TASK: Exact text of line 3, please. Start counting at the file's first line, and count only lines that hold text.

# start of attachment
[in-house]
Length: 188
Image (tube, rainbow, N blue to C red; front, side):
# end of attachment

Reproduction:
Image (tube, rainbow, N blue to C red; front, side):